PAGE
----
You might get lost in a string of articles or videos on the internet. You frequently engage in conversations about topics that have nothing to do with your work. Or you might get caught up in helping others solve problems that are interesting, but not really related to the results that are important to you.

Being reactive isn’t always bad for your productivity. Anyone who works with others has to be reactive at times. 

You might feel that your job is more reactive than others’, for instance, if you’re a manager, or in a support role. Maybe you feel that you were promoted because you are seen as “extremely helpful” and “always available.” As a result, you’re afraid not to be responsive to everyone all the time.

But here’s what you need to know: if you have even one job responsibility that isn’t related to helping others solve problems or handling emergencies, you need to make some time to be proactive. Make a rough estimate of how much of your job responsibilities require you to be reactive and collaborate with others, and how much requires your sustained attention on independent work. This estimate can be your guide to how much of your day you’ll need to make yourself unavailable to others. 

 

Workers in Productivity Level 2 Are Mostly Proactive

 

 

In level 2 productivity, you’re consciously making time every day to be proactive. You knock things off your to-do list and finish each workday feeling that you actually got important work done. The measure of your productivity is higher.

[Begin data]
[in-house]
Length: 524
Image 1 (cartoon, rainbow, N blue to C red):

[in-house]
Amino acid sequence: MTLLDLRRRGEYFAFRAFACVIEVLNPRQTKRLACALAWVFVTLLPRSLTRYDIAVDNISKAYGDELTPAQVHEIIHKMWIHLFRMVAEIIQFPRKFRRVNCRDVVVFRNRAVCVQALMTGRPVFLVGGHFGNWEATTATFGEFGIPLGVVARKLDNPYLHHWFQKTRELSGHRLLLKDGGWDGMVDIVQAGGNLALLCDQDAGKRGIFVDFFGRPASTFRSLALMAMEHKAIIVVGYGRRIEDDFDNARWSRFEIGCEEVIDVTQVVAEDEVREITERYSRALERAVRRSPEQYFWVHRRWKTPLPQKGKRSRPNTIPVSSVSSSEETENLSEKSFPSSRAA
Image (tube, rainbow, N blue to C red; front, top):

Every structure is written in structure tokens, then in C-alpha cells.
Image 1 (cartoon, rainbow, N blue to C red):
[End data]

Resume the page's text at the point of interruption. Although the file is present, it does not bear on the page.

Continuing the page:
This is a great place to be. 

If you find yourself having a hard time progressing to level 2 productivity, one idea that can help is to break the habit of checking your email first thing in the morning. 

If the first thing you do when you start your workday every morning is to log in to your email, you set a tone of reactivity for your day. It becomes hard to interrupt that stream of reactivity to get your own work done. 

You can only be productive (achieve your significant results) when you’re being proactive, and you can only be proactive when you’re not being reactive. 

Your email often diverts your attention to things like reading blogs and checking your social media. Before you know it, it’s time for your next meeting, then lunch, and when you come back, you need to check your email, of course. The cycle starts all over again. 

Break that cycle. 

Review your to-do list first thing in the morning instead of checking email. Work for an hour or ninety minutes, checking items off your list, before you open your email. This is the way to set a proactive tone for your day.

As a result, you’ll feel a sense of accomplishment at the end of the day, even if you spent some of your day in a reactive mode. You’ll still be able to point to concrete things that you accomplished first thing in the morning. (Having said this, there are exceptions to every rule. Read more here about checking email first thing in the morning.)